Counseling and care have typically been seen as a dyad consisting of the counselor and the counselee. However this limits the scope of the relationship as it often fails to recognize the presence of a third other, which is God. Counseling done within the context of chaplaincy, as well as any other form of Christian or spiritual counseling, whether professional or not, is better thought of as occurring within a triad, recognizing the presence not only of myself and the other, but also of God.
Presence of God: God is present in, around, and over all encounters. This is because of God’s omnipresent nature, and rules out any interaction that does not include God in some way. If God is real and present, then He is not only present to those who believe in Him but to those who don’t as well. Therefore, that presence may or may not be realized by either or any of the people involved in the encounter of each other. One part of the pastoral caregiver’s role is to bring his or her own awareness of that presence into the encounter: to make God known. This can be thought of incarnationally, as the caregiver represents God, Christ or the Church “in the flesh” within the encounter. The acceptance of God’s presence allows the caregiver a certain freedom which is based on the understanding that God is working and present not only in the encounter but in each person in the encounter at that point in time. The caregiver can rest assured that it is not only them doing the helping, but God as well. Not only that, but the same hand that is holding the other is holding them as well. This is the basis of God’s grace, to see how God’s love flows, embraces and works in the lives of all people. It doesn’t need to be invoked or summoned like some sort of magic spell – one doesn’t invoke God’s presence, one can only recognize it. God reveals His own presence through His very name, when he says “I Am who I Am”, as opposed to “I was who I was” or “I will be what I will be”. Both of these are true obviously, but God’s presence in the now is preeminent. If I can see how God is working in the current moment, not just how He did work or how He might work, I can see how I am working in the present moment as well. This can help me be free of the “what if’s” and “should have’s” that can instruct and guide but also paralyze and neutralize.
The Presence of My Self: It is one thing to be present physically with another, however simply being physically “with” someone doesn’t necessarily mean that one is fully present with them. The second role of the pastoral caregiver is to be fully aware and “present” with themselves as well as with God and the other. Bringing my whole self to the pastoral encounter requires that I am aware of my own past: my successes, pains, struggles, and history are all part of who I am. I also bring my goals, plans and fears with me to the encounter as well, all of which are looking toward the future and what lies ahead. However focusing too much on my past or future prevents me from being completely present. I often feel these to be distractions, pulling my mind and heart away from painful feelings and the thoughts that surround them. Escapes to the past or future can dull that pain, but never heal it. My past and future are best used to help another when I look at how those wishes, desires and fears influence me in the current moment. Part of being present also involves understanding the roles I play in my own life as well as in the lives of others. Am I a father to this person? Am I a father to myself? How am I Christ to this person, and in the same way, how am I understanding Christ in me? This points back to the idea of incarnational presence. I am not merely an instrument, and my job is not to “get out of the way”. Quite the contrary – all of me is necessary and useful in revealing God. However even as the chaplain in some way represents Christ, the chaplain also points beyond him or herself as a fellow sufferer and companion on the road. The chaplain can serve as both a window through which God is seen and made evident, but also as an imperfect mirror of the other, showing not only is God present but that in their brokenness they can be present with God. The caregiver as well is healed in this process by seeing Christ’s Spirit work through them and in them.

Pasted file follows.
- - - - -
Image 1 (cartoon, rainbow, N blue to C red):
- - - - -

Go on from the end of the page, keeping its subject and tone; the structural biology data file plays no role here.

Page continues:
The Presence of the Other: The third role of pastoral care is to be aware of the other in the present moment. Just as I as a caregiver try and dwell in the present moment, I can help the person I am caring for dwell in that same moment as well. By acting as an example of being present, not dwelling on the past for too long or planning so far ahead, the caregiver can help the other person be free from being stuck in the past or the future. Simply being present and allowing them to be present and authentically themselves, not who they should have been or might be. This authenticity can be a place of fear and anxiety though, as the coverings of the past and future are no longer there to disguise who they really are, or who I really am. Recognition of God’s presence heightens these emotions even more, causing us to run for cover like Adam and Eve in the garden. Perhaps the greatest fear of God comes from the fear of annihilation and death – that if God sees us as we really are there is no hope for us. Yet it is within that presence where we are truly accepted, and grace is experienced and not simply known. The other that I care for may never let their guard down long enough to show me more than a glimpse of who they really are. And this is understandable, because we all bear some mark of shame that makes us want to appear as something that is probably at best “like me” but isn’t really Me. By lowering my defenses even a little, I give permission to the other to lower theirs. And when the defenses are lowered and the real self is allowed to reveal itself without being attacked or annihilated, that is a little bit of grace.